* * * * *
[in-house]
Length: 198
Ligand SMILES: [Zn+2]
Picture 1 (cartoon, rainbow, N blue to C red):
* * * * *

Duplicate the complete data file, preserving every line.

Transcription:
[in-house]
Length: 198
Ligand SMILES: [Zn+2]
Picture 1 (cartoon, rainbow, N blue to C red):